The Hoop Skirt
For a lady back in the mid 19th century, the simple act of getting dressed was a bit more laborious than it is today. In the 1840’s or ‘50’s, a lady typically began getting dressed with a pair of stockings that were held up by garters; then drawers, which were two separate legs attached to a waist band. They added a chemise (a full length undergarment similar to a nightgown); then several fully starched petticoats- sometimes up to 5, 6, or 7 to create a full bell-shaped sillohuette; then the corset to give them nice posture and a very delicate silhouette; the corset cover; then finally the wrapper which basically served as a morning/bath robe. When a woman was ready to dress for the day, she’d put on the dress, collar and cuffs or a chemisette if the neckline is open. If the sleeves were open, under sleeves were worn to cover exposed arms. As the day went on, a lady of means would change clothes several times during the day. She may wear a delicate silk brocade dress that would be appropriate in the house or for visiting friends. In the evening, one might wear a dinner or evening dress likely made of silk with open shoulders exposing the delicate collarbone. One would have jewelry, a bonnet hat, and other accessories to make the outfit complete. But in the 1850’s there was something invented that revolutionized women’s fashions.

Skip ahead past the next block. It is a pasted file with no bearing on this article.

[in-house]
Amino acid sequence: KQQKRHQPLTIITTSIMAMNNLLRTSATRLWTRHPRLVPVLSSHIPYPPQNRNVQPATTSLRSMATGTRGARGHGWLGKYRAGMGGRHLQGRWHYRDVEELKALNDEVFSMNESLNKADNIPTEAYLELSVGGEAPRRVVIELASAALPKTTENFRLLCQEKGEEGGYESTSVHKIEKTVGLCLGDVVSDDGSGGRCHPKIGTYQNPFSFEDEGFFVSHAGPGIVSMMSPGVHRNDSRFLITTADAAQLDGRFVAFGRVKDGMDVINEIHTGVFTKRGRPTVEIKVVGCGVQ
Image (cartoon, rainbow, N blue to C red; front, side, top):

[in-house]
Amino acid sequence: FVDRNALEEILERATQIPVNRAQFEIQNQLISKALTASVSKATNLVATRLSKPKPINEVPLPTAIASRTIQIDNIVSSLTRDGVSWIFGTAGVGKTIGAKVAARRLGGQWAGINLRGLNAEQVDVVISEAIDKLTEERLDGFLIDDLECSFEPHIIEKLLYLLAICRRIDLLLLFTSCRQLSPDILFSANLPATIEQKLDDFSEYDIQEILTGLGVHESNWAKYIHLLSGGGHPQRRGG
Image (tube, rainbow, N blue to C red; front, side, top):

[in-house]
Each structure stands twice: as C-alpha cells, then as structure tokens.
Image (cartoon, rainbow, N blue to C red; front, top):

The invention that revolutionized women’s fashion in the mid 1800’s is the caged crinoline. The caged crinoline was also known as the hoop skirt because of the series of concentric hoops found in its earlier version. This was tremendously popular to women because not only did it lighten the weight of the multiple petticoats hanging from the corseted waist; but also it was much cooler because women only had to wear one petticoat underneath and one or two petticoats over the hoop skirt.
The caged crinoline became the staple for the silhouette which changed throughout the 19 th century. The crinolette appeared next. Popular in the late 1860’s or 1870, the crinolette brought the fullness of the skirt to the back of the dress. The fullness of the skirt moved up to the hips with the use of the rump or the bustle which became very popular in the early 1870’s.
The hoop skirt was so important to woman back in the 19th century that in 1862, war refugees Lizzie Hardin, her mother and sister gave up their fashionable clothing to pass unnoticed from Chattanooga to Atlanta. Once safely in Atlanta, they sought to re-establish their routines and their wardrobes. Lizzie stated, “The time was very dull; but we met some friends; and between reading and sleeping and a desperate hunt for hoops in which we were engaged; we managed to exist very comfortably. We finally had to send to Augusta for hoops; that being the nearest point where such articles of luxury could be obtained. I hailed mine with joy and determined that no pursuit however hot; should ever make me drop them (hoops)”. The hoop skirt —a very indispensable for 19 th century fashions.
Research and background provided by
Atlanta History Center - Museum of Textiles & Social History
130 West Paces Ferry Road, N.W.
Atlanta, Georgia 30305
Contact: Hillary Hardwick, Public Relations Manager